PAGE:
“…your body is not a temple, it’s an amusement park. Enjoy the RIDE.” Anthony Bourdain (Kitchen Confidential: Adventures in the Culinary Underbelly)
Anthony Bourdain has ripped the roof off of the ‘back kitchen’ with his show,
Bourdain rides the rail between insulting and shocking. I like his sacrilegious approach to food in an era that is becoming more rarefied every day. He does take it to the limit with attacks on vegans, “Vegetarians, and their Hezbollah-like splinter faction, the vegans … are the enemy of everything good and decent in spirit.” There seems to be the same separation of folks rich and poor, that the economy is experiencing, like the prix fixe at Per Se – chef’s Tasting Menu at $295, in the hallowed halls of the collection of the richest people in the World, the Time Warner Building.
But back to Anthony, not the food. He seems intent on offending his way across America with chain-smoking, which cannot sharpen his professional taste buds, and his abrasive manner. Nonetheless he does get his hands dirty. We admire his immersion to certain foods, Cajun, Korean, and carnivorous foods of many sorts. He has cojones.
A recent review of Bourdain’s favorite food blog by Regina Schrambling, reveled to me why this blog makes him feel good about himself, it is snarky, vicious and condescending.
A number of years ago, encouraged by a cultural writer friend in New York, Richard David Story, I read Kitchen Confidential. I was shocked! The amount of short cuts and deception that the kitchen condones is staggering. The one notion I gleaned from this book to this day is, “If the bathroom is dirty, imagine what the kitchen looks like.” Anthony Bourdain’s blustery personality was just gaining momentum.
Bourdain’s frequent presence on the Travel Channel brings a bravado to the otherwise sometimes staid survey of our globe, and I like it!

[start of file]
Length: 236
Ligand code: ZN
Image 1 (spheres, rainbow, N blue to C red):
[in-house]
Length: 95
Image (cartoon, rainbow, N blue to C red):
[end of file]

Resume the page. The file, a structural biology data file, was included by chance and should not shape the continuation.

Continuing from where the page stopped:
Here are some jewels from Bourdain’s culinary verbal quiver:
“To me, life without veal stock, pork fat, sausage, organ meat, demi-glace, or even stinky cheese is a life not worth living. “
“I lurched away from the table after a few hours feeling like Elvis in Vegas – fat, drugged, and completely out of it.”
“Few things are more beautiful to me than a bunch of thuggish, heavily tattooed line cooks moving around each other like ballerinas on a busy Saturday night. Seeing two guys who’d just as soon cut each other’s throats in their off hours moving in unison with grace and ease can be as uplifting as any chemical stimulant or organized religion.”
The cuisine business, as respected three-star chef Scott Bryan explains it, attracts ‘fringe elements’, people for whom something in their lives has gone terribly wrong. Maybe they didn’t make it through high school, maybe they’re running away from something, be it an ex-wife, a rotten family history, trouble with the law, a squalid Third World backwater with no opportunity for advancement.
Paula Deen is “hardly the worst person in America, just the most destructive influence on [Food Network].”
When asked about his food heroes, Bourdain responded: “Fergus Henderson, Martin Picard, Mario Batali (image below), Eric Ripert, Jim Harrison. And dead guys: A. J. Liebling, M. F. K. Fisher, Ludwig Bemelmans.” There seems to be a history of rebels in the culinary league, some dress this way, some behave this way and some just look this way. Would you buy a slice from this man?
American always reveres the Bad Boys, be it James Dean or Clyde Chestnut Barrow, so Anthony Bourdain is just another version in a new arena for badness. He has a place in the effete pantheon of foodies.